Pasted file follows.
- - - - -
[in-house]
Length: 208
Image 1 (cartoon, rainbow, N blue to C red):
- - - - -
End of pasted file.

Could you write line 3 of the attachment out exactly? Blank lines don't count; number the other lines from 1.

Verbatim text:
Image 1 (cartoon, rainbow, N blue to C red):